Andrea Renda: potential and risks of Artificial Intelligence

3 December 2019

“Artificial intelligence is not an economic sector, but a different way of doing things, so implementing it within the existing production processes or social relations means profoundly changing its dynamics and potential”.

Guest of the fourth Innovation Talks of Bologna Business School last December 2, Andrea Renda, Professor of Digital Innovation at the College of Europe and Senior Research Fellow at CEPS, a think tank of political studies founded in Brussels in 1983. At the center of the speech , the potential of Artificial Intelligence with all the related risks on an ethical, social and environmental level.

The AI ​​is in fact the most tangible example of how technological innovation is revolutionary and the scientific science is the only society in which we live: medicine, agriculture, energy, information, politics, art and the labor market are just some of the areas in which which, if not well regulated, the AI ​​can easily turn into what Andrea Rendade defines a “mad colt that we must learn to tame”.

His speech in the Aula Magna begins with a series of case histories in which man has been replaced by machines: from the famous Portrait of the Count of Bellamy entirely realized by an algorithm and sold by auction for 432,000 dollars as announced by Christie’s, Amazon’s first cashless store, where payment is made by monitoring individual buyers through remotely controlled computers. “The paradox of man who teaches the machine how to do a job that will one day replace them” – emphasizes Renda, who thus opens up a wide parenthesis on the ethical implications of AI. “Intelligence derives from Intus + Legere, or ‘read inside things’, but there is nothing intelligent in these examples, it is only a machine that processes data, with all the associated risks of the case”.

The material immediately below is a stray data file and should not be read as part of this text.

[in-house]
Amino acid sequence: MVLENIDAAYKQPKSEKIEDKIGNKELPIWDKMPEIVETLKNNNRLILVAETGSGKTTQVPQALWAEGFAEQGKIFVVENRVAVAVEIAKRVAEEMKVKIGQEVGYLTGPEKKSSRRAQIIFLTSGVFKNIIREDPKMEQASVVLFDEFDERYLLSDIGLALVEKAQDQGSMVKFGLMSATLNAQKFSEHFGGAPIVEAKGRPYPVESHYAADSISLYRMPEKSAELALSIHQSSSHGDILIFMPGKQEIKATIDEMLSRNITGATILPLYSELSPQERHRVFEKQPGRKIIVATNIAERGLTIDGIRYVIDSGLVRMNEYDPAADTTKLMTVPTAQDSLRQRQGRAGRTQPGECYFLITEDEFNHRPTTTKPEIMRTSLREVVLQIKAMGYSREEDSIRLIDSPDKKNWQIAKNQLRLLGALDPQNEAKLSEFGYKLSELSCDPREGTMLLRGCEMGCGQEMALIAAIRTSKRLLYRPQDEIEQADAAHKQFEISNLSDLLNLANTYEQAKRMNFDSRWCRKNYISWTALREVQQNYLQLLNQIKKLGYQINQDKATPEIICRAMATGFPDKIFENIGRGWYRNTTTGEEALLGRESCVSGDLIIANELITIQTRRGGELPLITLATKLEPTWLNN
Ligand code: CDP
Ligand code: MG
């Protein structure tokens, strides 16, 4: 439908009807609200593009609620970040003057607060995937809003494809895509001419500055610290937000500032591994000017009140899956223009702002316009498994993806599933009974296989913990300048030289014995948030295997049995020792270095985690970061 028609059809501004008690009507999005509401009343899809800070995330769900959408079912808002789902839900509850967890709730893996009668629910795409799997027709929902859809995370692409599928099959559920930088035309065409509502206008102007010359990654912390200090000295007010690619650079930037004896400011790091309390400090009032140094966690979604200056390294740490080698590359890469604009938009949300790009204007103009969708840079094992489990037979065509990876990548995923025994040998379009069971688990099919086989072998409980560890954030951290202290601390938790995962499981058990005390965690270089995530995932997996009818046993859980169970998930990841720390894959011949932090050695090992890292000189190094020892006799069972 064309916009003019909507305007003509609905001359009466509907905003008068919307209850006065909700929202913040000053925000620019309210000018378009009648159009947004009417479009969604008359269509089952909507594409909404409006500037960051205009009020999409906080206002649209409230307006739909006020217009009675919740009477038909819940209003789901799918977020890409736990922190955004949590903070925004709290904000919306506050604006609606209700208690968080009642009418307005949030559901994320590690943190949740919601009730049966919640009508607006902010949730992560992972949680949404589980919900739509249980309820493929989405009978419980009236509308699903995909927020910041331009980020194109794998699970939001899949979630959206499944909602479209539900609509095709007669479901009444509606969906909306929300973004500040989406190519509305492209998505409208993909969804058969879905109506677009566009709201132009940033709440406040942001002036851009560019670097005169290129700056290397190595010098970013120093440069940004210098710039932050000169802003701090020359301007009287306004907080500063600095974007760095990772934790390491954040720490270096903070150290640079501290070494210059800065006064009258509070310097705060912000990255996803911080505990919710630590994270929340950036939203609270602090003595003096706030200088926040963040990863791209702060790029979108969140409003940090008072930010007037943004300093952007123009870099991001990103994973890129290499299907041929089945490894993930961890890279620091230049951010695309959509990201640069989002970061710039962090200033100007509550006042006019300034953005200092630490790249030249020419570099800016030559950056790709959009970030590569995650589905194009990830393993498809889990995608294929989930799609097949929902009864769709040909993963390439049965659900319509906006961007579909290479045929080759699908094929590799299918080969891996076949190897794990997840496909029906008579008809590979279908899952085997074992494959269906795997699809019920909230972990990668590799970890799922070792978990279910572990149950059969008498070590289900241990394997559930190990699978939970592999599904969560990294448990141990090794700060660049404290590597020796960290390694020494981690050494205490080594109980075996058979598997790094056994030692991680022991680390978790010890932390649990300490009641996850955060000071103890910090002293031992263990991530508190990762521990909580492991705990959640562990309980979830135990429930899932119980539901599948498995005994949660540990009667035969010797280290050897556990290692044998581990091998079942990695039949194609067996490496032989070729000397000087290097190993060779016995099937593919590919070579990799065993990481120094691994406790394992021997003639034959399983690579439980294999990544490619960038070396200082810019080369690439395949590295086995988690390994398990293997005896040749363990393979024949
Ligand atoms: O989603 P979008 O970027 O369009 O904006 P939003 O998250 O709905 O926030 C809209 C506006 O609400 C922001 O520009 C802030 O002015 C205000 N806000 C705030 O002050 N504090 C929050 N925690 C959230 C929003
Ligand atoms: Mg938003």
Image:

Machines that perform defined tasks, optimizing their functions, but “AI is a means, not an end”, recalls Renda, who reports to the Community the famous cases of Tay Tweets, the chatboy launched by Microsoft on Twitter to interact with the Millennials (settled after just 20 minutes for inappropriate messages like “I’m a nice person, i just hate everybody”); or the Trump-Bots that the 2016 elections amplified every message to reach 61% spam content.

How to avoid the Black Mirror effect? How to master the perfect imperfection of a machine that proceeds by algorithms? Andrea Renda has no doubts about the urgency of an ethical responsibility assumption in the man-machine relationship. “AI is classified as one of the great existential risks: and in the process of adapting digital innovation, it is up to the human factor to accompany the AI ​​in its potential without being overwhelmed”.


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